The Union River was as beautiful as ever, shaded by tall hemlocks and gushing over an endless series of rapids and slides. I had indeed hit things at just about the peak of the melt. Out came my Serious Camera, and I started getting back into photography mode.

This is where I first noticed the huge temperature difference between the road (warm!) and anywhere down near the river (cold!). It made sense -- could air sinks -- but I've rarely felt such a pronounced difference.

I crossed to the other side of the road and continued following the Union Mine interpretive trail, postholing the whole way. The trail follows the Union River for a while, and that river is basically made of waterfalls through here. They were roaring.

The Union Mine trail turns away from the river eventually and then rejoins the Little Union River near an old mine shaft. One of the largest waterfalls in the Porkies runs through a deep gorge here, although in most seasons it is just a trickle. It wasn't a trickle today, and I spent quite a while enjoying (and photographing) it.

A waterfall that barely exists for most of the year

In every blog post I write about Porkies waterfalls, I'm obligated to quote Jim Dufresne's excellent Porkies guidebook:

"Downstate [Porkies waterfalls] would be the centerpiece of a state park, but here they are so commonplace they are unnamed and left off the park maps."

None of the waterfalls I saw today had names, and especially not this beautiful and quite large seasonal waterfall.

Here I turned off-trail, following the Little Union River downstream to Dan's Cabin. This is the luxurious backwoods accommodation for Porkies Artists-in-Residence, named in honor of the late Porkies photographer (and founder of the Friends of the Porkies) Dan Urbanski. The cabin sits just next to the "hall of waterfalls" on the Little Union River that thoroughly enchanted me when I visited with Kyle, and captured me again on this much snowier visit.

Dan's Cabin

At this point, an oddly bad thing happened: The sun came out! While that was lovely and pleasant and all, it was actually a problem for photographing waterfalls: Too much sunlight makes it hard to take a long exposure, which gives that wonderful milky blur to the water. I wandered around a while and finally gave up. I left by following a ski trail out to the road.

I returned the way I'd come, heading downhill back towards Lake Superior. I crossed a different branch of the Union Mine trail and popped in quickly to check out yet another of the Porkies' biggest waterfalls, which was also roaring (and is also little more than a trickle in the summer).

Another huge waterfall that is usually just a trickle

Back on the road, I trudged along, quite tired from all of the snow slogging. A deer watched me warily, and I noticed some tracks that were either from a very large dog--or a wolf!

I eventually made it back to my much-missed snowshoes, which I picked up and trudged back to my car. My final mileage to, from, and along the 1-mile Union Mine interpretive trail was 5.7 miles. Nonetheless, the hike satisfied me in a very specific way: A long, tough hike to get to a beautiful place that is inaccessible by any other means, and plenty of time enjoying that place. This was an excellent beginning to my Porkies visit, and I'd barely been here for half of a day!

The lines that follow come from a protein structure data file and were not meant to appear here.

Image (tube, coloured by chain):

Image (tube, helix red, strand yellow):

I drove back to Headquarters and took advantage of a wonderful feature: Free potable water! I filled up my water filter's "clean" bag from the always-available faucet just outside the main entrance. Four free liters, no filtering required.

Back at Union Bay campground, I parked and walked in again. I met a father and son trudging out, heavily laden with gear and food. They had been staying at the Union Bay West yurt -- my neighbors -- but were leaving early. They offered me their well-dried firewood, knowing that cool weather was coming. I thanked them for the offer and continued on. Nobody else would be in the West yurt all weekend.

Detail of yet another waterfall

With plenty of daylight left, and with nicely warm temperatures for the moment, I settled in at the yurt's picnic table and read the cabin's log books. There was a brand new log book, just a few days old. The most recent visitors to the yurt were three students from Michigan Tech who had visited the Porkies as part of an Ecology class. That's a class I'd have liked to take! There was also an older log book, fully filled, that stretched all the way back to 2018. I ate dinner as I read (freeze-dried lasagna -- adequate, if not amazing) and enjoyed stories of camping trips long past. Perhaps because the yurt is so close to a modern campground and parking lot, the logs lacked many of the tales of struggle and poor planning that feature in so many many backcountry cabin logbooks.

After dinner, I hauled in some fresh firewood. The park provides wood for heating the cabins that are open in the winter. The wood was fairly wet, despite the large tarp covering the pile. The logs were split, but still much too large to be useful in the wood stove. I spent some re-splitting the wood with the yurt's axe, and then hauled in a large pile that would need several days to dry.

The yurt's fire pit, on the other hand, was disgusting. Someone had left an enormous amount of unburned napkins or paper, which had gotten wet and soggy. There was also a partly burned plastic bag and styrofoam meat tray (they never burn! stop trying!) and some mysterious food remnants. Maybe a lobster shell?

What not to do with a fire pit. Click to enlarge, if you dare.

I vowed to clean out the fire pit before I left. For now, I left it: When you don't have regular running water and soap, you think really hard before getting your hands that messy.

At one point, just for the heck of it, I turned on my cell phone. Magically, I had one tiny bar of service! (I've never had cell service anywhere in the Porkies, except for a few occasional high points like Government Peak.) Apparently this stretch of Lake Superior shoreline catches some distant tower's signal. I checked in with Sarah, who was preparing for the next day's final exams, and then went right back into airplane mode. Why waste Porkies time on doomscrolling?

Evening slowly slid in. It was hard to tell, with the uniformly gray sky. There was no sunset to speak of. The wind slowly increased and the waves roared against the rocky shore.

The temperature remained moderate, but I knew it would be cool tonight. I moved inside and got a small fire started in the wood stove -- one match! (The detailed instructions in the Last Porcupine Mountains Companion have served me quite well over the years.) I fed it logs slowly all evening while I sat and read on my Kindle.

Inside the yurt: Two bunks, a wood stove, and a table.

Eventually I snuggled in to my bed: A highly insulated air mattress (the yurt's mattresses were as rock-hard as ever) and a 0-degree camping quilt. Together with the small bit of heat from the wood stove, I was as snug as a backpacker could hope to be.

Next time: Day 2 - Too many waterfalls!

Miles hiked: 6.9 (including 1.2 miles just back and forth to the car)

Total miles: 6.9